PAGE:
For once, maybe some consumer groups and parents won't be angry at what company is using popular cartoon characters to peddle. McDonald's
McDonald's and DreamWorks Animation's
It's logical that McDonald's is concerned by how and what it markets to kids. Controversies over kid-targeting ads featuring cartoon characters are hardly new; Reynolds American's
McDonald's is no stranger to kid-oriented marketing, of course. The iconic Ronald McDonald unabashedly appeals to children. From my own childhood, I recall the McDonaldLand campaign, featuring such familiar characters as Mayor McCheese, Grimace, and the Hamburglar. (Back in the 1970s, McDonald's even lost a lawsuit against Sid and Marty Krofft, who charged that the McDonald's campaign infringed on their fantastic, live-action H.R. Pufnstuf characters.)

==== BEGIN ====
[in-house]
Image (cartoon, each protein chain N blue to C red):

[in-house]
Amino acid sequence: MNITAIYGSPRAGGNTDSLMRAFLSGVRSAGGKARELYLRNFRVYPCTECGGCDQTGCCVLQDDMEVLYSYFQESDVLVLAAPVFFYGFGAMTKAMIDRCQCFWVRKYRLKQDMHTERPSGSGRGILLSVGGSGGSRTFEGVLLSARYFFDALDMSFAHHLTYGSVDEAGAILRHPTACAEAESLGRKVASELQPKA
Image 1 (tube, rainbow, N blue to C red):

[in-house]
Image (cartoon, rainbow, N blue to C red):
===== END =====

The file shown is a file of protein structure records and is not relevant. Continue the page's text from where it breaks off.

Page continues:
Amid increasing attention to childhood obesity, and growing consumer scrutiny of companies that market to kids, McDonald's move makes a lot of sense. Consider that in the U.K., bans of advertising that targets children have emerged. Such tensions there and in Europe could certainly hurt companies like Burger King
Given the public's concern about childhood obesity, and the high-calorie nature of many fast foods, McDonald's and DreamWorks are avoiding PR problems by using the Shrek image to raise awareness of healthier kids' menu options and the importance of physical exercise. Whether kids choose these options, Shrek or no Shrek, is a whole other matter, of course. However, McDonald's nod to this tricky issue should at least leave shareholders a bit less green around the gills.
Alyce Lomax does not own shares of any of the companies mentioned.